Duncan Black: My blog is really my voice. I don't write a lot. I link to other people, link to new sources, link to people who make jokes I wish I had made or wrote things that I wish I had written. When we move out of my zone into communities of people who are talking about things I don't really know about, I may read them and find them fascinating, but there's a barrier to linking to them because they're not really in my voice.


There was some interplay, but c’mon: it’s hard to get wisdom more “received” than from this group.

And note what it is that Duncan identified as his specialty: “I don't write a lot. I link to other people, link to new sources…” (might actually be “news”)

Bob Geiger, on the other hand, was very supportive as he facilitated “How to Get Your Blog Noticed”. Sorta pooh-poohed a lot of the received wisdom and gave a very good presentation, peppered with funny anecdotes and practical advise.

He’d make a fine teacher.

Then again, Bob is going on indefinite blogging hiatus.


Commentor Swopa also notes:


2. As a specific example of the above, when I've read high-traffic bloggers opining about what creates high traffic, they've emphasized not brilliant writing so much as lots of output. In fact, thanks to a quick Google search, here's Atrios: "People click on a website regularly when they expect it to have new content. If you're a thoughtful writer who tends to write longer essays then you're at a disadvantage."


Actually, if you dig 1/4 inch below the surface you find that these two issues are related, and mutually annihilating.

One, that people come by often to see New!Content!

But, two, they don’t wanna read essays.

OK, but if your “new content” is mostly 10-syllable epigraham-crackers that advise “What Digby said…” or “Go read Ezra…” that hardly qualifies as either "content" or “new”.

And when you go over to Digby or Ezra, odds are 6-to-5 and pick ‘em that you will be staring at -- gasp! -- an essay!

Maybe even a thoughtful essay.


Commentor Swopa also notes:

3. You're right, though, he does tend to link to a rather limited universe of blogs. But then, so do you. And the dirty, nefarious truth in both cases is probably the same: You link to blogs that you read and like.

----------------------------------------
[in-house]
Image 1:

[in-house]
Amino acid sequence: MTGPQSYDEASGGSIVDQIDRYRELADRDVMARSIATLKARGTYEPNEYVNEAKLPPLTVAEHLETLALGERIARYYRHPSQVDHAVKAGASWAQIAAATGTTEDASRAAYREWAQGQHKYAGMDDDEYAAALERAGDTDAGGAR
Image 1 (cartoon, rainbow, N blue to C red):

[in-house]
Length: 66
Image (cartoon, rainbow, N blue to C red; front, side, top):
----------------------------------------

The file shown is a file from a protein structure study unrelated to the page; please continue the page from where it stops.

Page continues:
Folks seem to forget that Markos, Duncan, and the rest didn't run for office as Representatives of the Blogosphere on a platform of linking to a broad and demographically representative sample of all liberal blogs everywhere...


OK, first let's dispense with the "reductio ad absurdum" strawmen bullshit of "...all liberal blogs everywhere...".

Second, yeah, guilty!

However, speaking only out of my own experience, I am compelled to cite the 1977 Supreme Court case of Apples vs. Oranges to point out some important differences.

Although I do link to others, and try to scatter it around, that is not predominantly my thing.

I do mostly (semi)original compositions. I might cite “The Tempest” or Harlan Ellison. Or parody “The Raven” or do a slide show, or write a children's story, or riff on the MSM, or a Dreaded Essay.

Maybe pen a commercial. Or perhaps a lexicon of GOP-types.

Or a lot of stuff that's sort of sui generis.


Also, for my size, I do rather a lot of original artwork, most of which is fairly well-received, but which isn’t much to do with driving traffic here or there.


I do 8-12 posts a week, not 85 (although by being persistent, I am now up to post #1,180)

I don’t do this even close to full-time.

“Dependable Renegade” (to pull an example of a site I like a lot) does the best snark captioneering in the business. But again, that site’s raison d’etre isn’t acting as a router to other people’s work; it is (to coin a phrase) a Destination Blog, and not an Aggregation or Transit or Base-Camp Blog.

Eschaton, OTOH, is predominately an outlet mall of short links to the other sites.

“I don't write a lot. I link to other people, link to new(s?) sources…”


There is nothing at all wrong with that -- it’s a useful resource and I loiter there myself from time to time -- and I’m glad Duncan has prospered. And if I were King of the Better Universe I wouldn’t want the blogosphere configured in any other way than as a place where people are free to do with their own sites whatever they wish.

However when:

  • Your self-identified operational model is mostly driving your very large readership to other sites.
  • You do it professionally: full-time and with a revenue-stream that is in no small measure traffic-based.
  • You routinely and rightly deride the Old Media for the corrupting effect of its old boy, in-group clubbiness.
  • You are a leader in a movement that stresses the democratization of the soapbox. Whose unofficial hajj next year will be called “Netroots Nation”.